As a quick note, some think that a debate would not be profitable, but should continue in writing (as if both could not occur?). Glenn W. stated this, “Because when writing a paper a person can usually reign in their emotions and advance important points without those emotions clouding the issue.
” But he notes how emotional the writings on the web are getting in the same comment! He said, “The emotions I am seeing on the web make me believe that nothing positive is going to be accomplished on the web.
” I don’t know how Glenn can say that writing keeps people from emotionalism. He mentions that it should be writing without comments, such as in a journal. But did that keep Tom Stegall from using the emotionally charged and pejorative “crossless” designation THIRTY ONE (31) TIMES in the span of only EIGHT (8) pages?
Public, moderated, equitable, and fair debates have much to offer. It presents what people actually believe, rather than caricatures from the other side. It keeps people accountable for what they have said. It gives the opportunity to present issues side by side for consideration. Public debates can be used the same way as testimony in a courtroom. There is time for statements, questions, cross-examinations, rebuttals, and so forth. By this medium, men get at the truth; issues become condensed and the distinctions become clearer. Glenn talks about emotion as if debates encourage them. Passion is a good trait for debates, but when one becomes emotional, that is when he loses! Good debates spurn emotionalism! I have listened to at least 4 debates that Bob Wilkin did. He did so with Christian character and gentlemanly conduct.
From what I read, the Duluthian antagonists have much to hold the Grace Evangelical Society accountable for. Why would they not want to take advantage of an opportunity to do so at one of their conferences? They would have a platform to warn unsuspecting GES conference goers of the dangers of its theology. They would have ample opportunity to make a case and persuade those who may be sitting on the fence, or who haven’t thought about these issues yet.
To me it is duplicity. Dennis Rokser, Tom Stegall, Lou Martuneac, and Greg Schliesmann want to scold and reprimand the Grace Evnagelical Society in public but only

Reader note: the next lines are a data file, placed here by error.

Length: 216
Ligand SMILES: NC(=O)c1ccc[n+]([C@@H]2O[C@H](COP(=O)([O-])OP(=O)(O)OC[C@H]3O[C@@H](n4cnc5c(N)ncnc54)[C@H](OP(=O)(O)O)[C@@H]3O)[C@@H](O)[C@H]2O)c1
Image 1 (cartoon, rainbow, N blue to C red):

in written form. When the opportunity comes to discuss these things in a personal and public forum, the boldness shrinks away. Why can’t they do both? Who said that they have to do only one so as to leave the other undone?
They should be happy to come to the GES convention and shut the mouths of the Free Grace heretics, showing them the error of their ways with their more persuasive and biblical arguments.
But indeed, such an unwillingness to debate where real consequences can be at stake, manifests itself in the way that these outspoken antagonists are shrinking back into recreant discomposure. They are scared to death to debate.
So they will continue to publish their bitter rants and tirades, in the safety and solace of the written page; leaving us all wondering how we are to take such men seriously when they feel no moral compunction to stand their ground and defend their attacks against those whom they shame.
In the 80s during the Lordship controversy between MacArthur and Hodges, at least 3 formal debates were in the works. John MacArthur backed out of them all. He later stated that he would rather have a "private" debate, like the one Dennis proposed. But even when the time for this came, John backed out.
What does this say about MacArthur? The first impression it leaves in the mouth is that he ran scared from debating the scholarly Zane Hodges. Isn't it easier to attack straw men than the real thing? You may continue in caricatures in writing, but in the public forum of an equitable, fair, and moderated debate, you do not have the luxury of doing so.
There is a strong and compelling correspondence between the Duluthian antagonists and John MacArthur. When asked to put up, they back down.